Letter from the Deputy Editor

Posted on at October 12, 2017
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Last spring, a colleague of mine alerted me to a job opening at the Huntington Study Group as the deputy editor of HD Insights. “Fantastic!” I thought. “I’m skilled at managing publications (having worked for the University of Miami, Penn State University, the Pew Charitable Trusts, and other organizations), and I have a background in biology (with degrees from the University of Tennessee and the University of Georgia).

But what is Huntington’s disease?” I’d heard of it, but I admit I had to look it up before deciding to apply for the position.

I quickly learned about the devastation that HD—considered by some to be the cruelest disease known to man—has on patients and their families. But I also learned that researchers around the world are attacking the disease from every possible angle, motivated by the intellectual challenge that HD presents, but more importantly by finding treatments and eventually a cure for patients.

Unfortunately, I wasn’t alone in my ignorance of Huntington’s disease; much of the lay public is equally uninformed. But that is changing through the efforts of those involved in HD research and outreach. Take Charles Sabine, for example. His work to bring awareness to HD by soliciting the recognition of Pope Francis is described in this issue of HD Insights.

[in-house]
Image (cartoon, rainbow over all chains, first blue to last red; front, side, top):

Also in this issue, Dr. Xiao-Jiang Li of Emory University, talks about his work to inactivate the mutant huntingtin gene in adult mice using the CRISPR/Cas9 system. In addition, Katherine High, president and chief scientific officer at Spark Therapeutics, discusses her company’s efforts to use gene therapy to treat congenital blindness, which has implications for Huntington’s disease.

Coincidentally, a few weeks before learning about the deputy editor position at HD Insights, a man at a local park caught my attention and that of my young daughters. The man seemed to be twitching uncontrollably. “What’s wrong with him, mommy?” my youngest daughter asked. “I don’t know, sweetie,” I responded.

But now I do know, and I am determined to provide you, the readers of HD Insights, with the best possible source of information about HD, including current research findings, an inside look at ongoing clinical studies, and stories about the people who are searching for a cure.

After browsing this issue of HD Insights, I invite you to view the periodical’s new website at WEB ADDRESS. There, you will find an online form on which to submit your story ideas for a future issue of HD Insights, or you can email me directly at HDInsights@hsglimited.org. I look forward to hearing from you!

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